U.S. stocks fell sharply in afternoon trading Monday, pushing down the Dow Jones industrial average more than 260 points as investors worried about reports of sluggish growth in the U.S. economy. The decline adds to losses racked up by the market in January.
KEEPING SCORE: The Dow Jones industrial average was down 206 points, or 1.3 percent, to 15,491 at 12:49 p.m. (1749 GMT). It had fallen as much as 262 points. The Standard & Poor's 500 index lost 26 points, or 1.5 percent, to 1,756. The Nasdaq composite slipped 72 points, or 1.8 percent, to 4,031.
MORE PAIN: A rough first day of trading in February extends January's stock-market stumble. Concerns about the global economy, U.S. company earnings, as well as turmoil in emerging markets, led the Dow to its worst January since 2009. The index slid 5.3 percent while the S&P 500 index fell 3.6 percent.
Investors are watching to see whether the market's performance worsens into what some say is an overdue correction in the market, or a drop of 10 percent.
"There's been a pretty significant change in sentiment for the market," says Erik Davidson, deputy chief investment officer for Wells Fargo Private Bank. "We're down now more than 5 percent from the highs we reached at the end of last year. So that's something a lot of people will be watching."
FACTORIES SLOW: U.S. factories cut back sharply on production and new orders plunged, according to the Institute for Supply Management, a trade group of purchasing managers. The group said Monday that its index of manufacturing activity fell to 51.3 in January from 56.5 in the previous month. That's the lowest reading since May and suggests that factories are slowing slightly at the start of the year.
CONSTRUCTION SPENDING SLUGGISH: U.S. construction spending rose modestly in December, slowing from healthy gains a month earlier. The Commerce Department said Monday that construction spending increased a scant 0.1 percent, down from a revised 0.8 percent increase in November.
SPINNING OUT: Ford shares slipped 44 cents, or 3 percent, to $14.51 and General Motors shares fell 69 cents, or 1.9 percent, to $35.39 after the automakers reported a drop in U.S. January sales, hurt by harsh weather that kept customers away from dealerships. GM sales fell 12 percent, while Ford said sales fell 7 percent. Chrysler bucked the trend with U.S. sales gains of 8 percent. Still, analysts expect U.S. auto sales to reach more than 16 million this year — a return to pre-recession levels.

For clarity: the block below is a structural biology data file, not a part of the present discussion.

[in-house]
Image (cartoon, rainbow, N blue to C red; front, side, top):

WEAK SIGNAL: All 10 sectors in the S&P 500 index fell, and telecommunications services posted the biggest decline, weighed down by AT&T and Verizon Communications. Verizon slid $1.21, or 2.5 percent, to $46.82. AT&T fell $1.10, or 3.3 percent, to $32.23. The stock is down more than 8 percent this year. The company began offering reduced cellphone rates over the weekend for family plans with large amounts of data. AT&T hopes customers will upgrade from lower-use plans.
HEALTHY SELL-OFF: "The selling is an extension of last week's activity," says Frank Davis, director of trading at LEK Securities. "It looks like a healthy sell-off."
Davis anticipates that the sell-off will continue, especially since most of the economic data coming out in the next few weeks is data could have been negatively affected by the severe winter weather in the U.S.
DRUG BOOST: Some stocks posted gains. Pfizer gained 67 cents, or 2.2 percent, to $31.07, after the company reported that a mid-stage study of an experimental drug for advanced breast cancer met the main goals. The drug is seen as a potential huge seller. Pfizer was one of just two gainers among the 30 stocks in the Dow.
TOY STORY: Mattel fell $1.70, or 4.5 percent, to $36.15. The world's largest maker of toys reported on Friday that sales of Barbie and Fisher-Price preschool items dropped in its fourth quarter.
DEAL DOUBTS: Jos. A Bank Clothiers fell $2, or 3.6 percent, to $54.22 in afternoon trading on continued doubts that a takeover bid by rival clothier Men's Wearhouse will go through. The two retailers have been dueling since October when Jos. A. Bank offered $2.3 billion for Men's Wearhouse.
SAFETY DANCE: Facing lower stocks and global jitters, investors moved into the relative safety of U.S. government bonds. Bond prices rose, and the yield on the U.S. 10-year Treasury note fell to 2.61 percent from 2.65 percent on Friday. The 10-year has had a dramatic move in the last two weeks. In mid-January, the 10-year note was trading at a yield around 2.9 percent.
CHINA JITTERS: Fresh signs of weakness in a survey about manufacturing in China added to lingering worries about developing economies. The official Chinese manufacturing survey released over the weekend showed factory output grew at a slower rate in January compared with December. That survey followed a HSBC survey that showed a contraction in China's manufacturing.